France is one impressive destination when it comes to producing videos and other media products. Media production in France can be both easy and tricky, so the best way to go is to do your homework in advance. This is how you can nail your production from the start in this amazing country.
Media production in France – a short how-to
The first thing you need to consider when it comes to media production in France is price. A European country with a higher-than-average income, France is not cheap for whatever it is that you’re filming. Movies are their own category, but for regular productions like documentaries or promotions, France can be both expensive and not that much. Do your homework beforehand to calculate a budget that’s close to what you’d expect once on the ground. Filming permits cost money, with some locations asking thousands of euros for a minute of filming.
Another thing to look into when you prepare for your media production in France is local help. Hiring staff from the ground will usually be cheaper than flying your own in, and most people in France speak good English, which eliminates the language barrier. Local fixers will help you with things like transportation, accommodation, equipment, and repairs, as well as with finding actors or other people for your crew such as handymen. Hiring people who’re from the place you’re about to shoot at makes things much easier from a logistical standpoint.
Third, locations. These vary from place to place and remember that France is a massive country on the map and in real life. It’s one thing to have your locations concentrated in one area of around100 kilometers. And a completely different one to have to shoot in Paris and Marseille, which are in the same country but 650 kilometers apart.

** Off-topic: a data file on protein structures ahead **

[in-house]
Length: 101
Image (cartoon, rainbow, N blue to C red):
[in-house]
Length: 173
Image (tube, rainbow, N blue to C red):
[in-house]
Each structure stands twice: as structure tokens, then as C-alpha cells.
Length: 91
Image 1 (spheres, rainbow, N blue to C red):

Top 3 places to film in France
Paris might be at the top of the list when you book your locations for a media production in France. There are many other top locations where big movies have been shot in this superb place. One is Flavigny-sur-Ozerain, Burgundy where the movie “Chocolat” was made. This village with just about 300 inhabitants simply looks like a movie set. It’s like nothing you’ve ever seen, with medieval walls and castles that will put your mind to work and your imagination on high alert.
If you’re not into medieval castles, check out Col de Peyresourde in the French Pyrenees. This place is green, and ideal for those who’re into natural landscapes or cycling. This is one of the most famous of all destinations in the Tour de France. It has also been made famous by the Tomorrow Never Dies movie from 1997. The last destination for filming in Franceis Gourdon, a scenic village on the famous Côte d’Azur. Just search for a few photos from this place and you’ll forever be hooked to it. Bon voyage, or as they say in France… bon voyage!